Jane’s Fame by Claire Harman

7816049.jpgNonfiction — print. Read by Wanda McCaddon. Tantor Media, 2010. 9 hours, 2 minutes. Library copy.

While Harman spends the first two chapters of her book on a biography of Jane Austen, seventy-five percent of the book is devoted to analyzing her cultural influence and why people have such strong opinions about the author almost two hundred years after her death. Harman explains the paradox of an academically revered author whose work has served as the inspiration for quote-unquote chick lit and movies based loosely on her life.

As much as I love the works of Jane Austen, this is the first biography of the author I have ever picked up. In that regard, the book was a highly informative read. I particularly enjoyed the discussion of how much control Austen kept on her manuscripts, how meticulous she was about timetables and other seemingly minor details. And I appreciated how masterfully Harman managed to shatter the myth of Austen as a shy spinster who hid her writings from her family, which her family perpetrated by burning all of Austen’s letters following her death.

Perhaps the most interesting aspect of this book is the connection Harman makes between Austen’s diligent editing and her difficulty in getting her manuscripts published. Many of Austen’s original titles were dropped because other novels with the same title were published before hers. Those titles have faded into obscurity along with the works of the acclaimed authors of Austen’s time. But the time Austen spent struggling to find a manuscript meant, according to Harman, that Austen had to be careful to make her novels appear timely when they finally ended up in the hands of the reader. Thus, her novels never tackle issues of the time in which they were written — namely, war — and continue to appear timely to today’s reader.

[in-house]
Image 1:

I picked up this audiobook because of its subtitle, “How Jane Austen Conquered the World”, and I am afraid I found Harman’s novel lacking in that regard. Much of her information is anecdotal in nature, and her argument as to how Austen came to conquer the literary world never found its footing.

In one chapter, Harman states that Austen became famous because her books were considered appropriate for an older, male professor to discuss with the young, female students filling the ranks of college students but consigned to the English department due to their sex. In the next chapter, Harman explains that Austen’s novels are popular because she represented a quaint version of England for the men fighting overseas during World War I. These reasons are not mutually exclusive; I merely offer them up as examples of how many different directions Harman goes in her book.

To be honest, I resent the judgment she holds for Austen fans of all stripes, which might have colored my reading. That said, I appreciated the amount of information I learned about Austen herself and the growth in the Austen artifact industry. Do fans of her novels really need to be able to see a lock of her hair dyed to its presumed original coloring?

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